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Because Handbags and Babies and Panties, Oh My!

By Amalah

Dear Almighty Amalah,

I love your blog and I share your love for Coach handbags. Luckily I have received two over the years as gifts. However, that was several years ago and they are showing signs of wear, particularly in the bindings. A friend told me that Coach will recondition and rebind its bags, but I can’t find such information anywhere on the website. In fact, they seem to specifically deny such a possibility. Is this true? And what do I do about worn bindings?  (Seriously, the leather is wearing away on the corners.) I treat the leather semi-regularly with a conditioning leather cleaner, but that only goes so far.

Thank you!

You know what I am thinking? I am thinking two things:

1) I never told the Internet about the gorgeous black leather tote/diaper/laptop bag that I recently purchased for an insanely fantastic price at a Coach Factory Store, thus ending a NINE-MONTH DROUGHT in new handbag purchases. I bought it to take to BlogHer next week and in fact I have not even removed the price tag yet, possibly because admiring the low low price on the tag makes me even happier.

Ahhhhh, so pretty! So happy!
Hello cat! And hello wild, free-roaming piles of laundry!

2) I am also thinking that I should get paid to be a professional website searcher, because I found the following info buried on the Coach website in under three minutes:

Does Coach offer a repair service?
Coach products are made to ensure satisfaction and service for the natural life of the product. If, during its lifetime, your item should require repair, we offer a repair service for many of our products. There is a $20 shipping & handling charge for each item submitted for repair. Please be sure to ship your item by insured, traceable means, such as UPS insured or insured mail. Please send to:

Attn: Repairs
One Coach Way
Jacksonville, Florida 32218

Be sure to include a note with your address, daytime phone number and instructions, or use our Repair Service Request form which you may print and send in to Coach along with your repair.
(Scroll down, click on “Customer Service,” then on “product quality, care and guarantee,” and then on “Repairs,” or just click on this link I have thoughtfully provided for full details on Coach’s repair service, including time estimates, replacement straps and hardware, etc.)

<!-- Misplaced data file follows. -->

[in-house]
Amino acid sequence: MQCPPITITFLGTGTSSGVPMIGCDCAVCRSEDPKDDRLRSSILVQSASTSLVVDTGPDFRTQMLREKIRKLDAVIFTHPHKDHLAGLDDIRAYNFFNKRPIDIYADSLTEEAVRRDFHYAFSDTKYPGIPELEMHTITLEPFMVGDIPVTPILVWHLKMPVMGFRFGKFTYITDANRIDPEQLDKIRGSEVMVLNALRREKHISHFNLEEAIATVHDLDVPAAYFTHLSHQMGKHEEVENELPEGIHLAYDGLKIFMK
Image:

One last thought (I am SO THINKY today): I’ve been fortunate enough to not yet require Coach’s repair services, so I’d be curious to hear from anyone who has used them. $20 for repairs (presumably done by Coach bag experts) seems insanely awesome, so if you can attest to either the awesomeness or lack of awesomeness, that would be?

Well. It would be awesome. Thanks.

(Perhaps I need a thesaurus instead of more handbags.)

Dear Amalah,

I am trying to register for my baby shower but I have NO IDEA what one needs to deal with a newborn baby. I understand there’s a crib, and that probably needs sheets (But how many sets?). And there’s the carseat (Which brand? Convertible? Infant?). What did you find particularly useful to have around during Noah’s first months? What couldn’t you live without? What did you get that you still haven’t used? And how many danged onesies are enough?

Many thanks,

I’m of two minds regarding baby gear. The first mind says to wait until YOUR particular species of newborn is here to buy stuff, because they’re all so different and most of the most useless purchases we made were the ones that other people said they couldn’t live without.

The second mind says that it doesn’t matter if the first mind tells you that, because all expectant parents are biologically incapable of NOT frantically buying loads of crap during those final weeks.

I can tell you not to worry about a crib at first (get a little cradle or cosleeper or bassinet-style Pack N’ Play or even none of the above, the baby will probably sleep with you for the first few weeks no matter what your current opinion on co-sleeping), but I know that the nesting instinct will hit you hard and you will sob at the sight of your cribless nursery and have a recurring nightmare about not being allowed to take the baby home without a crib.